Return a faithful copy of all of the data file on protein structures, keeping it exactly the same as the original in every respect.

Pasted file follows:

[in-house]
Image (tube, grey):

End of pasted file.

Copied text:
[in-house]
Image (tube, grey):